Beat Reporting

Beat reporting, as opposed to general assignment reporting, gives journalists the opportunity to focus on one area. Many beats are defined geographically, others focus on important issues like health, education or the environment.

Beat reporters develop in-depth knowledge. They get to know experts related to their beat and create a thorough contact list of people to help them tell compelling and credible stories. Beat reporters should stay up to date on all major developments about their topic.

Being a beat reporter allows journalists to delve much deeper and pushes them to uncover enterprise stories. Beat reporters help bring context to stories and explain how each story affects the audience.

My biggest piece of advice is to document everything. You will forget a person’s name. You will misplace their contact information. You should write down what you did before you leave work every single day. I kept a word doc open all day and would add notes as I worked. Write down every interaction you have in person, on the phone, via email or social media. Include their name, title, phone number, email address, physical address and photo if possible. Include any links to related stories. This is especially helpful when there’s breaking news on your beat. But it also pays off in the long run because you can search for key words that perhaps never made it to your publication. This will help you with enterprise and in-depth stories.

I also encourage you to keep a digital folder with story ideas. Don’t rely on stacks of messy papers. This old school reporting style is inefficient. Keep everything on your computer so you can easily search. Also, back up everything onto external hard drives in case your computer crashes or gets hacked.

A great reporter always leaves a story with a new one in mind. While you’re conducting your interviews, ask people if they know of any other stories that you should look into. Most people like being useful and will often give you story ideas if you ask them. I also encourage you to ask your followers on Twitter and Facebook for story ideas and people to interview.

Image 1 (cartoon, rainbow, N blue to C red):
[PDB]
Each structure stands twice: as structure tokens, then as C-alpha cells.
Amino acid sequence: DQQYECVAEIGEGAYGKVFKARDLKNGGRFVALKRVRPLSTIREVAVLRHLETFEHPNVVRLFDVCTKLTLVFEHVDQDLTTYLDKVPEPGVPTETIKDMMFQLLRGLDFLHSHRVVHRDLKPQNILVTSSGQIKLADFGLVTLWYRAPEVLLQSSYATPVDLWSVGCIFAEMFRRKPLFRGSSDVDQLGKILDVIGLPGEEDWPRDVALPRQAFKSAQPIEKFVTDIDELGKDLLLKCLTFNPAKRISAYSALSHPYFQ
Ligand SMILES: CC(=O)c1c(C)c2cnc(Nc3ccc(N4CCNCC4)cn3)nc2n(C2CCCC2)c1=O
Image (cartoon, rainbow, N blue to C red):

Not sure where to start? Bookmark USF experts who you can reach out to with questions about your beat. Congratulations, you just started.

Poynter’s NewsU provides a free resource for journalists called “Introduction to Reporting: Beat Basics.” Here are the key suggestions for beat reporters:

  • Make a contact list of all officials, activists, and experts related to your beat.
  • Add calendar alerts to remind you to regularly check in on people related to your beat.
  • Follow related people and organizations on social media.
  • Bookmark websites you should check regularly.
  • Add related meetings to your calendar. Decide which meetings you’ll attend.
  • Which public records and databases are the most helpful?
  • Who are interesting (non-official) people you can feature?
  • What are the most important issues on your beat?

Here are some of the resources Poynter suggest you use regardless of the beat you have:

Courts and Criminal Justice Links

Local Government Links

Neighborhood or Suburban Links

Police and Public Safety Links

A Closer Look At 3 Beats: Environment, Health, and Education

Environment Beat